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Managing Color in RGB-CMYK Conversions

(May 2008) posted on Fri May 02, 2008

Find out how image-file preparation and color-space conversion can affect color control in prepress and digital print production.

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By Rick Mandel

For our purposes, let’s define RGB-to-CMYK conversion as changing the color space of an image in a way that honors the original creator’s intent—within the limits of the printing process. In reality, we are converting color from its natural form (RGB) to a form for printing (CYMK). We narrow the color gamut when converting color space and leave it with no place to go.

Where and when do we convert? The answer isn’t so cut and dried, because print workflow and responsibility do play a part in the decisions. In general, RGB has a larger gamut of color than that of CMYK—that is, the ability for your eyes to see more ranges of color. The when and where of color-space conversion during the digital print workflow could boost or deflate your ability to match the client’s color expectations. Basically, the prepress workflow that results in a printed product is as follows:

1. A file is received from the client in native format (the format associated with the software that created the file, such as Adobe Illustrator) or flattened as a TIFF or a PDF. The file may be CMYK or RGB at this time.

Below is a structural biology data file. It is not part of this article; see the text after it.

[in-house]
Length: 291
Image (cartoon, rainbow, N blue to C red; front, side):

2. The file is repurposed for your digital print process (size, reso- lution, color bars, color alterations, etc.). Some shops do con- vert to CMYK at this time within the native format. This usu- ally is an automatic conversion in the background—you may not even realize it happened.

3. The resulting file is sent to the RIP for processing into a lan- guage that the printing device understands. Conversion also may happen here.

4. Viola: printing and color.

RGB/CMYK variables exist as we analyze each step of the workflow. An ever-growing number of color-management aficionados recommend storing, manipulating, and color correcting images in the RGB color space and converting to CMYK just prior to final output (at the RIP stage). Printers who grew up in offset or screen printing are more comfortable with the CMYK color space; therefore, they tend to convert as soon as possible. Still, RGB works even for stalwart CMYK-biased prepress professionals, because image-editing tools like Adobe Photoshop allow them to accurately preview and manipulate CMYK data while working within an RGB image mode.


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